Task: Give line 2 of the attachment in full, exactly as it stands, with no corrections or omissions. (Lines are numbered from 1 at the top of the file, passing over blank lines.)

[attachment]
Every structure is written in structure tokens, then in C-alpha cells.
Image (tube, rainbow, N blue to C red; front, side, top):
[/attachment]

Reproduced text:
Image (tube, rainbow, N blue to C red; front, side, top):